|Tropical Storm Flossie||Winds: 40 kt|
|Pressure: 1003 mbar|
|Advisory 4 / 8:00 AM PDT Monday, July 29, 2019|
Flossie has been faring better this morning on infrared imagery, putting out stout convection ahead of its rapidly moving self, but still has plenty of work to do in organizing itself internally. An unusually well-placed sequence of microwave data between about 4z and 12z suggested that the circulation was still quite elongated on a west-to-east axis with convection having some difficulty firmly rooting itself in the low-level cloud lines. There is some indication of improvement in the latest data, but not significantly so. SAB went with a current intensity of T3.0/45kt while UW-CIMSS ADT sits at T3.3/51kt. TAFB is lower at T2.5/35kt. A blend of these values suggests an intensity close to 45 kt, but the microwave data indicates this is likely inflated by disorganized convective noise, so I've only elected to raise the current intensity marginally to 40 kt.
Confidence is about as high as can be in the storm's track given the rather simple steering configuration and sound track guidance consensus through day 5. Westward motion is forecast for the next two days due to strong ridging over Baja California, with a slight west-northwest motion after that due to a transient upper-level low providing a weakness in the ridge.
For the next day or so, atmospheric conditions are exceptional, and if Flossie weren't moving so fast, it would probably be in the midst of rapidly intensifying right about now. Most parameters are favorable for the next three days. A trough in 2-3 days is expected to result in an increase in wind shear, generally in the 15-20kt range, though as discussed in prior advisories slight changes to the track and timing of both Flossie and the low may result in a favorable trough interaction. The shear itself is within marginally acceptable bounds such that Flossie may be able to at least somewhat withstand it. Afterwards, environmental parameters decline and suggest weakening on day 4-5, but the atmosphere is not abjectly inhospitable so we may see some longer-term persistence compared to its other fellow storms from the basin this season. I've entered more gradual intensification today in the forecast, but I would not be surprised to see some rapid intensification tonight given the emergence of a southwesterly dip in the high-resolution guidance. At 36-48 hours the divergent flow of the trough may aid in some rapid intensification right around then as well. Slow weakening is depicted late in the forecast, so it might be up to the Hawaiian shear wall to put an end to Flossie. Aside from an increase in some short-term values, the forecast generally looks the same as preceding advisories.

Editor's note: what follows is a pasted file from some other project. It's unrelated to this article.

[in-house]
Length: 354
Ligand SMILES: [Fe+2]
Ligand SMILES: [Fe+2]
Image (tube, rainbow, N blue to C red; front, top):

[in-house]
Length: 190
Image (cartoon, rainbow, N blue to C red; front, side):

FORECAST MAX WINDS
INIT 29/1500Z 40 KT 45 MPH
12H 30/0000Z 45 KT 50 MPH
24H 30/1200Z 55 KT 65 MPH
36H 31/0000Z 65 KT 75 MPH
48H 31/1200Z 80 KT 85 MPH
72H 01/1200Z 95 KT 110 MPH
96H 02/1200Z 90 KT 105 MPH120H 03/1200Z 85 KT 100 MPH